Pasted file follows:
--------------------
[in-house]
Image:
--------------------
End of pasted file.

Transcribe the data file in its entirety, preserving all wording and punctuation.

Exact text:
[in-house]
Image: